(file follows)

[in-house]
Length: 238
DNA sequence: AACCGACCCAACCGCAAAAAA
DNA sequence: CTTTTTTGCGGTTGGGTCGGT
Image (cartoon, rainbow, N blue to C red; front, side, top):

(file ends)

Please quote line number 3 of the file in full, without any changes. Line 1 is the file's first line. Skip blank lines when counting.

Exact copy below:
DNA sequence: AACCGACCCAACCGCAAAAAA